“Helpful Healthcare Pronunciation:Let’s Get a Cat scan!,” was written by Norma Landa Flores, M.A. Speech Communication & Mainstream American Dialect, for teacherspayteachers.com. The Discussion & Contrasting Sounds Sentences meet Common Core Curriculum standards as they serve as an Oral Communication Lesson, Pronunciation Lesson, provide Healthcare Situations for Discussion of Healthcare Values and Competency-Based Criteria & a Speaking Proficiency Assessment form.This PDF digital download lesson is suitable for students in grades 10-12 & Adult ESL.
The 8 page Healthcare Oral Communication Discussion & Pronunciation/Articulation Improvement Lessons are presented as follows: Page 2 features ( a ) the Radiology Technician/Patient Discussion providing the purpose & procedure to be followed to conduct a Cat scan ( b ) a Physician’s discussion with the patient about sending her home ( c ) The Appendicitis Patient giving the physician feedback about her pain’s location ( d ) the Radiology Technician’s apology for having missed the problem with the first Cat scan. It also includes specific instructions of how to pronounce 2 consonant sounds: [ ʃ ] & [ s ] .
Page 3 Provides an opportunity for the student to practice pronouncing/articulating & contrasting the target sounds [ ʃ ] & [ s ] in five separate sentences as a fluent English speaking listener assesses the ESL speaker’s pronunciation/articulation skills.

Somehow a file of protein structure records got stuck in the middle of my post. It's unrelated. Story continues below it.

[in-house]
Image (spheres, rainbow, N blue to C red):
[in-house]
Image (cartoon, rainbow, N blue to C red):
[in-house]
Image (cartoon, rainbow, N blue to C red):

Page 4 is the Contexts & Standards-Based Criteria for Assessing and Contrasting Vowel & Consonant Sounds in Healthcare Dialogues & Sentences, FAA - Functional Articulation Assessment © N. L. Flores 2012.
Page 5 shows a Consonant Articulation Diagram of when and how to pronounce the two key sounds [ ʃ ] & [ s ] . Page 6 illustrates the articulation points where [ ʃ ] & [ s ] are articulated by using the teeth, tongue jaw & air. Pages 7-8 Provide a comparison of the American English Alphabet pronounced aloud compared to the International Phonetic Alphabet sound system spoken aloud plus a key word and its phonetic spelling.
All in all, the next time an ESL Healthcare co-worker asks, “Why can’t see puss hershelf up?” You’ll be prepared to reply,” “She can’t push herself up because she’s in great pain!”